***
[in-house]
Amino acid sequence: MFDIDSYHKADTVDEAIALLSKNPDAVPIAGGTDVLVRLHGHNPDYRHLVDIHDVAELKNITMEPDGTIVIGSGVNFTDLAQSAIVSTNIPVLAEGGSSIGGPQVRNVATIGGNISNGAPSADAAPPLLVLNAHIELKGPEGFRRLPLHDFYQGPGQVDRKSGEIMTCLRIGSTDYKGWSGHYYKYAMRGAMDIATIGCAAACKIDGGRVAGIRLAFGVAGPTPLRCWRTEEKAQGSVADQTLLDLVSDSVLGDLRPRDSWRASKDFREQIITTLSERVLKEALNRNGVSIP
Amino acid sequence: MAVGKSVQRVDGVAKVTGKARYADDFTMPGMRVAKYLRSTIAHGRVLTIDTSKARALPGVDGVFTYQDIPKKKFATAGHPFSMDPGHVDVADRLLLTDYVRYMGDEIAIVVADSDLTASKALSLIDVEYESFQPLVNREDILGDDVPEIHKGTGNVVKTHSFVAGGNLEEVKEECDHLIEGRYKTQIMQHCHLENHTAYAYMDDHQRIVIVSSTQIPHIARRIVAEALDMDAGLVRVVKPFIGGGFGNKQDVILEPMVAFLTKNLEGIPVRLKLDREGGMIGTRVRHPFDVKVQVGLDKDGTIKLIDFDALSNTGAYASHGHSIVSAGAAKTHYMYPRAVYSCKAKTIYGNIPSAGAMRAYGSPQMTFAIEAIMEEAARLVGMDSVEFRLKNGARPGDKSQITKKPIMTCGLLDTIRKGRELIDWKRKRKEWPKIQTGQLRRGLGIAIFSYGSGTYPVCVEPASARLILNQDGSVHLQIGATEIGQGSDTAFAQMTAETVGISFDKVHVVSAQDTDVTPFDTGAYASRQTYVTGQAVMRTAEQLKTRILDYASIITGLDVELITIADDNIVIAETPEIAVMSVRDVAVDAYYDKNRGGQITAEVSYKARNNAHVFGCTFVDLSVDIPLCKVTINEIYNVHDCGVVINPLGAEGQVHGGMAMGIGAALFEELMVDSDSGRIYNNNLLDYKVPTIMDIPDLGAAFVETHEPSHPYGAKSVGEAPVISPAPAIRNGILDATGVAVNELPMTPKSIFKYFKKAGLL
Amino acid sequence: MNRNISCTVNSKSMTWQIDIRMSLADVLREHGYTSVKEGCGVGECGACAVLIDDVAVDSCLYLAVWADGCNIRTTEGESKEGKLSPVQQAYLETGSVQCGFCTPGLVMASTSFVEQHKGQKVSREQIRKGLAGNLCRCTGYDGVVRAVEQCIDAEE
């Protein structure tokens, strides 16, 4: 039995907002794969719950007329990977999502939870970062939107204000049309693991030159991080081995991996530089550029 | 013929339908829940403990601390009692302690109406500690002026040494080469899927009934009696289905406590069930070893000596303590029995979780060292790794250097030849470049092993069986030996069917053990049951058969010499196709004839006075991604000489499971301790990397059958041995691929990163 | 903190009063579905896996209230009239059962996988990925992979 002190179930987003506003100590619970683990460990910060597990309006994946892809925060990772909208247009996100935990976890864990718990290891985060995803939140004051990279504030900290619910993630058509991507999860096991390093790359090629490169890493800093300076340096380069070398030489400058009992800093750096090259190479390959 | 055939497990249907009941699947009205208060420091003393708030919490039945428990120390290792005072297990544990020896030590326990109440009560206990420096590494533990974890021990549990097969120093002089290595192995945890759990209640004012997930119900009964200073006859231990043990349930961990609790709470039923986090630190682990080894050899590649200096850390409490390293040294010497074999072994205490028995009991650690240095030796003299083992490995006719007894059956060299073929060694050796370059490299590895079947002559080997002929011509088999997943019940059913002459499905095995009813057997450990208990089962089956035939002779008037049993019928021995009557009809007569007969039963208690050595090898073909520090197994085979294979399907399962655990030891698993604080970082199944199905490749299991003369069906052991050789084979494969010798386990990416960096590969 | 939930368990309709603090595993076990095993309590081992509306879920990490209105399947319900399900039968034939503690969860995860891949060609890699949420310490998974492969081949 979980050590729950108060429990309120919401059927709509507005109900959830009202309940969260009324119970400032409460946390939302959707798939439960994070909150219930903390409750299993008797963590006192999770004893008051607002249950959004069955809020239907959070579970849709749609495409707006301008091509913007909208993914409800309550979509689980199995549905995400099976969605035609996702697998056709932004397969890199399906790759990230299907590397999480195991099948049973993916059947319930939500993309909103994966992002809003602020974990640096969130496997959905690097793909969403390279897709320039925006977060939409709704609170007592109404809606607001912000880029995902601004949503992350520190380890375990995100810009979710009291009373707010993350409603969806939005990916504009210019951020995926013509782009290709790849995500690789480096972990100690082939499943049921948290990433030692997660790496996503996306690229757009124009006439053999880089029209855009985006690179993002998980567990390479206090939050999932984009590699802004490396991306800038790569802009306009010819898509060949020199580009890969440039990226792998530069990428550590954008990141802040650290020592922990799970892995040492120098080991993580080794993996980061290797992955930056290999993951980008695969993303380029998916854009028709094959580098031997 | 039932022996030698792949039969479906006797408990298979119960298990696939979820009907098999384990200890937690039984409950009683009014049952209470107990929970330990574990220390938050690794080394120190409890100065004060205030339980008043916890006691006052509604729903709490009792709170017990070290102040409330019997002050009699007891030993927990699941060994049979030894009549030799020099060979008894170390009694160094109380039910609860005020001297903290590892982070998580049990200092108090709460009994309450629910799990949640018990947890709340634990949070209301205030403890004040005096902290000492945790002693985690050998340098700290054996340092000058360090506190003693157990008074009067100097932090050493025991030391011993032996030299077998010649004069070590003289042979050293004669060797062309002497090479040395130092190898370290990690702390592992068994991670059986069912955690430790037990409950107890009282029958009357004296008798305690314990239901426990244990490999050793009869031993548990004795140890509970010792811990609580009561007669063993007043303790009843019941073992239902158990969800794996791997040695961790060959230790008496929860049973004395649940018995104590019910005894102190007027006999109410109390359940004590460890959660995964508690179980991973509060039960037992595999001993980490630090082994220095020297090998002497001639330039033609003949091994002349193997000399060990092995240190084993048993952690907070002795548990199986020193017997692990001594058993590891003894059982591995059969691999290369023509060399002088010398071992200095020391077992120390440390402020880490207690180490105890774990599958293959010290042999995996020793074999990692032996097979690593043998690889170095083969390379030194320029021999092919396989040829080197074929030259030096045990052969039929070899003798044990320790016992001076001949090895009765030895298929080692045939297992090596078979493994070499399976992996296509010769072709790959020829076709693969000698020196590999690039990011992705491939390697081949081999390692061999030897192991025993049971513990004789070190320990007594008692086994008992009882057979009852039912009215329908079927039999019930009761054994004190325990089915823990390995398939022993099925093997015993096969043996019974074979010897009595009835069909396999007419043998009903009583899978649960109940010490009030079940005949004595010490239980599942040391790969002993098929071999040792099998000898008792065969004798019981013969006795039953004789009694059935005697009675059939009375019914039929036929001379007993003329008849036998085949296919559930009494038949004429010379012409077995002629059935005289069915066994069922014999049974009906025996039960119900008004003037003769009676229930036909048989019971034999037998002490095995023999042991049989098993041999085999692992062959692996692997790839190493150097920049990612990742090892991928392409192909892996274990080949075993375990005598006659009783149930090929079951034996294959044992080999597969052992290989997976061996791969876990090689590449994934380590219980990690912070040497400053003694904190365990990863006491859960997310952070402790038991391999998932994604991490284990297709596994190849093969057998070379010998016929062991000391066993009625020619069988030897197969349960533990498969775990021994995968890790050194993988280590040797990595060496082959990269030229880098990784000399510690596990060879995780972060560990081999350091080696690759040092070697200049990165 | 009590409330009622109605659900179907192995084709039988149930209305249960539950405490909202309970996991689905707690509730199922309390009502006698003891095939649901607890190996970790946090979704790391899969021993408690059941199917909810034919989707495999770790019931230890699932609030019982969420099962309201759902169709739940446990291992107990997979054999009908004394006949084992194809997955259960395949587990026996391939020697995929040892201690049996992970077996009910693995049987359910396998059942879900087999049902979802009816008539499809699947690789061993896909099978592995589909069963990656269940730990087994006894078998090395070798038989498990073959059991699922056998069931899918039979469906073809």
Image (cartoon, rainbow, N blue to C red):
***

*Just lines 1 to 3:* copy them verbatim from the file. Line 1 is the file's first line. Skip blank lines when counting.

[in-house]
Amino acid sequence: MFDIDSYHKADTVDEAIALLSKNPDAVPIAGGTDVLVRLHGHNPDYRHLVDIHDVAELKNITMEPDGTIVIGSGVNFTDLAQSAIVSTNIPVLAEGGSSIGGPQVRNVATIGGNISNGAPSADAAPPLLVLNAHIELKGPEGFRRLPLHDFYQGPGQVDRKSGEIMTCLRIGSTDYKGWSGHYYKYAMRGAMDIATIGCAAACKIDGGRVAGIRLAFGVAGPTPLRCWRTEEKAQGSVADQTLLDLVSDSVLGDLRPRDSWRASKDFREQIITTLSERVLKEALNRNGVSIP
Amino acid sequence: MAVGKSVQRVDGVAKVTGKARYADDFTMPGMRVAKYLRSTIAHGRVLTIDTSKARALPGVDGVFTYQDIPKKKFATAGHPFSMDPGHVDVADRLLLTDYVRYMGDEIAIVVADSDLTASKALSLIDVEYESFQPLVNREDILGDDVPEIHKGTGNVVKTHSFVAGGNLEEVKEECDHLIEGRYKTQIMQHCHLENHTAYAYMDDHQRIVIVSSTQIPHIARRIVAEALDMDAGLVRVVKPFIGGGFGNKQDVILEPMVAFLTKNLEGIPVRLKLDREGGMIGTRVRHPFDVKVQVGLDKDGTIKLIDFDALSNTGAYASHGHSIVSAGAAKTHYMYPRAVYSCKAKTIYGNIPSAGAMRAYGSPQMTFAIEAIMEEAARLVGMDSVEFRLKNGARPGDKSQITKKPIMTCGLLDTIRKGRELIDWKRKRKEWPKIQTGQLRRGLGIAIFSYGSGTYPVCVEPASARLILNQDGSVHLQIGATEIGQGSDTAFAQMTAETVGISFDKVHVVSAQDTDVTPFDTGAYASRQTYVTGQAVMRTAEQLKTRILDYASIITGLDVELITIADDNIVIAETPEIAVMSVRDVAVDAYYDKNRGGQITAEVSYKARNNAHVFGCTFVDLSVDIPLCKVTINEIYNVHDCGVVINPLGAEGQVHGGMAMGIGAALFEELMVDSDSGRIYNNNLLDYKVPTIMDIPDLGAAFVETHEPSHPYGAKSVGEAPVISPAPAIRNGILDATGVAVNELPMTPKSIFKYFKKAGLL